“Various courts have taken a view that the term “existing liability” includes advance tax liability of the assessee, which is not in consonance with the intention of the legislature. The legislative intent behind this provision is to ensure the recovery of outstanding tax/interest/penalty and also to provide for recovery of taxes/interest/penalty, which may arise subsequent to the assessment pursuant to search. Accordingly, it is proposed to amend the aforesaid section so as to clarify that the existing liability does not include advance tax payable in accordance with the provisions of Part C of Chapter XVII of the Act. This amendment will take effect from 1st June,2013.” 4.3.2 The expression used in the Explanation ‘For the removal of doubts it is hereby declared’ clearly shows that the Explanation is declaratory in nature though it was inserted by the Finance Act, 2013. If a statue is in its nature a declaratory Act, the argument that it is not to be construed so as to take away previously vested rights does not apply. In other words, if the statue is declaratory, one cannot argue that the retrospective operation is invalid just because rights have vested in the assessee previously. Such a construction is legally and constitutionally valid though it may be inequitable in its operation vis-à-vis any individual assessee. The nature of the amendment to sec. 132B and the purpose which it seeks to achieve make it abundantly clear that it is a declaratory amendment inserted to clear up doubts about the meaning of expression ‘existing liability’ used in sec. 132B and it would be applicable even in respect of assessment years prior to insertion of the said amendment. In this context, reference can be made to the decision of the Apex Court in the case of CIT VS. Podar Cement (P.) Ltd. 226 ITR 625, wherein it was held that if a statue is curative or merely declaratory of the previous law, retrospective operation is generally intended. Thus, in my considered view, insertion of Explanation-2 in sec. 132B by the Finance Act, 2013 is declaratory in nature and, therefore, has to be treated as retrospective. Reverting to the facts of the present case, apparently there was no existing liability as on the date of passing the assessment order for the year under consideration. In such circumstances, the cash seized under sec. 132 can be adjusted only against the demand raised on completion of assessment under se. 143(3) and not towards advance tax for the year.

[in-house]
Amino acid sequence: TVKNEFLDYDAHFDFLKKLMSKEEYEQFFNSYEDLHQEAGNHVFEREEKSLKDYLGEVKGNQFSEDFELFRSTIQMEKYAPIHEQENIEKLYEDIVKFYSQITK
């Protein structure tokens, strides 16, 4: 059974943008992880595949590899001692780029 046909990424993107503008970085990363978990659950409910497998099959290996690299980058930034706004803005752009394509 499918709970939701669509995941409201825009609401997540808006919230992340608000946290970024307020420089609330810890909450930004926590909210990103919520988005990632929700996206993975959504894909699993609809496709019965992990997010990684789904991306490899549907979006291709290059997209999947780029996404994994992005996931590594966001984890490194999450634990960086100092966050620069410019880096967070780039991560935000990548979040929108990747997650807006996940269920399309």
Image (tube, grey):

ITA No.1039/PUN/2015 AY.No.2011-12 4.3.3 Adverting to the decisions relied upon by the appellant; these cases including the decision of Bombay HC in the case of Shri Jyotindra B. Mody in ITA No.3741/2010 dated 21.09.2011 were decided prior to the insertion of declaratory Explanation-2 in section 132B of the I.T. Act and in my humble opinion, the view taken in these authorities is no longer good law after the insertion of the said Explanation. Therefore, the said decisions do not render any support to the case of the appellant after the insertion of Explanation-2. In the case of Kanishka Prints Pvt. Ltd. vs. ACIT (34 Taxman.Com 307), the Explanation inserted by the Finance Act, 2013 in sec. 132B was considered and it was held that Explanation is not retrospective after referring to Page 807 of Taxmann’s publication “Interpretation of Statutes” 2nd Edition by Shri D.P.Mittal. However, in view of the observations of Supreme Court in the case of CIT vs. Podar Cement (P) Ltd. 226 ITR 625 on declaratory amendments, the Explanation-2 in sec. 132B, being declaratory in nature, operates retrospectively and therefore the said decision of ITAT, Ahmedabad is also of no avail to the case of the appellant.